Under EU agreements, citizens of member states may relocate and work in any of the bloc’s 28 member states without requiring permission, often simply by registering as residents with their EU passport with the local municipality. For Europeans, a Brexit is expected to mean some sort of application process for residence in the UK, possibly involving a vetting process by British immigration authorities.

The ability to escape anti-Semitism is among the arguments for remaining in a union that allows people greater freedom to move among member states.

Some Jews feel safer in Britain than in France, although anti-Semitism here remains a problem. In 2013, 69 violent anti-Semitic attacks were recorded in Britain, compared to 105 in France, meaning that Jews were 1.3 times likelier to be physically assaulted in Britain. In some other years, French Jews were likelier to be attacked, though not by much.

“The risks are the same risks, guards are sadly necessary in synagogues here and in France,” said Sacha Bielawski, a 38-year-old father of two who came to London from Paris 10 years ago and works in finance. “I feel equally safe and unsafe in both countries.”

Linda Borowski, a computer specialist from Brussels who moved to London 10 years ago, says she is now in the process of immigrating to the United States because of the threat of jihadism. “My children are targets here every bit as much as in Brussels,” she said. “I don’t want to raise them in fear or under guard.”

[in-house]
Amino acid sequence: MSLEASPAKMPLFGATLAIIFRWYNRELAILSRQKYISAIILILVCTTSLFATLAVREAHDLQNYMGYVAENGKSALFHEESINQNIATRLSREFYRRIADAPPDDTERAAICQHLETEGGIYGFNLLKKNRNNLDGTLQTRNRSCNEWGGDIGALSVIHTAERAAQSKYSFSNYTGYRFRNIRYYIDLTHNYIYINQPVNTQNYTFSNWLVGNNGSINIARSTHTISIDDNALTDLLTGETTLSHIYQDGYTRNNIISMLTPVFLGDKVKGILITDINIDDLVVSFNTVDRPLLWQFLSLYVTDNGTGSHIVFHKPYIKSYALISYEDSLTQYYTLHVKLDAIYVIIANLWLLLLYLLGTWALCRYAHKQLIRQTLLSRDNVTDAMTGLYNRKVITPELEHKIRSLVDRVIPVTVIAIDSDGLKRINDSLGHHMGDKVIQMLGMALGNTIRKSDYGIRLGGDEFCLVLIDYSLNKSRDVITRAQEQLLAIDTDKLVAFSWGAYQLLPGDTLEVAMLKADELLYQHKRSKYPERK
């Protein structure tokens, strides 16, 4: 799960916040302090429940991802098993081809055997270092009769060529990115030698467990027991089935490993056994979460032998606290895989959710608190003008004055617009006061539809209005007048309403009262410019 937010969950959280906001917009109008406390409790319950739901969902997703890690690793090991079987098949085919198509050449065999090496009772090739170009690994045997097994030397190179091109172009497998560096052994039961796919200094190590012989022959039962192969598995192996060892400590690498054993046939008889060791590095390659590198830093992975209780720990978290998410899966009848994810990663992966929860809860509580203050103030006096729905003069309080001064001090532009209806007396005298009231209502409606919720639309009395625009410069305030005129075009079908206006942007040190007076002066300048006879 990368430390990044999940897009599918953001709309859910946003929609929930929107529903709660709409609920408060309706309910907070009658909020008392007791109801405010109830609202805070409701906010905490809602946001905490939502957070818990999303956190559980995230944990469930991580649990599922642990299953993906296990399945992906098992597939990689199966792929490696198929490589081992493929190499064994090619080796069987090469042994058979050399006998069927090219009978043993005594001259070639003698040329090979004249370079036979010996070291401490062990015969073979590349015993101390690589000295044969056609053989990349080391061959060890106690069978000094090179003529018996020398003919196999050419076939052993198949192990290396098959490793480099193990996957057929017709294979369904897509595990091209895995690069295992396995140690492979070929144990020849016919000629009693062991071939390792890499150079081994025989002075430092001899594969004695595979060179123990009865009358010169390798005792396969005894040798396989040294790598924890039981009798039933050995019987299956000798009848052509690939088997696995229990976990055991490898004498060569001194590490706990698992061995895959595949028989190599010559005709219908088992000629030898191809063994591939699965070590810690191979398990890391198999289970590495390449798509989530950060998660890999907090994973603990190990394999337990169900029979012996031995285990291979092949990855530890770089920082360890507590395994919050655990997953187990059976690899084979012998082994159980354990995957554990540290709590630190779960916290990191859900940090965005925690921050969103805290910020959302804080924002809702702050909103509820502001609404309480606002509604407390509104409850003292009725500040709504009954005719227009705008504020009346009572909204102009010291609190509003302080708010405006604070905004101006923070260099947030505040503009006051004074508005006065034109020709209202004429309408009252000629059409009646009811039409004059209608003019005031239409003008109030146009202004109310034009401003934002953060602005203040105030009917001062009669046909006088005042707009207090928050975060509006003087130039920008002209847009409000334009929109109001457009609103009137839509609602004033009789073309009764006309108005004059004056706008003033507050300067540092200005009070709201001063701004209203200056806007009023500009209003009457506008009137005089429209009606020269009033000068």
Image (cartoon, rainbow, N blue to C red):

Herz said the British media was playing up the risk to Jews in France and portraying Britain as a refuge in what he called “French bashing.” Jewish immigration to London “is part of a major wave of general emigration from France” and is not specific to Jews, he said.

Whatever the reason, the recent arrival of hundreds of French Jews in Britain led to the establishment of Francophone Jewish communities in three London synagogues and the formation of predominantly French-speaking classrooms in at least one Jewish London school.

Many of the French Jews of London have little to fear even if the Brexit happens, Bielawski said.

“A realistic solution will be found to the visa issue,” he said. “The London finance industry and market is full of foreigners. They will have to be reasonable if they want to avoid a collapse.”

But newcomers like the Herzes are less certain than longtime residents, who have accumulated various rights over time, including the right to vote in some local elections and referendums. In the Brexit referendum, however, only British, Irish, and Commonwealth citizens who live in the UK may vote.

British Jews are far more divided on the issue than the French Jews among them are.

Robert Halfon, a British-Jewish lawmaker, argued in a March op-ed in the Jewish News that remaining would allow London to positively influence EU policy on Israel.

But Geoffrey Alderman, a historian and former member of the Board of Deputies of British Jews, disputed the point. In an op-ed the same month in the Jewish Chronicle, he asserted that British Jews are better off lobbying for communal interests in London, which they know, than in Brussels, where they have less sway and which is perceived as more hostile to Israel.

And while EU membership allows Jews to come and leave “murderous racism in France,” Alderman said, murderous racists were free to follow them.

“Brexit comes down to a question of sovereignty,” he wrote. “As a religious Jew, I pray for the welfare of the nation. And that is why I shall be voting for Brexit on June 23.”

JTA Wire Service